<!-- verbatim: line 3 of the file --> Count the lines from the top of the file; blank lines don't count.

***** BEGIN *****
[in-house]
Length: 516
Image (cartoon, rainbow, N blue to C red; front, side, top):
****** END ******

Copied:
Image (cartoon, rainbow, N blue to C red; front, side, top):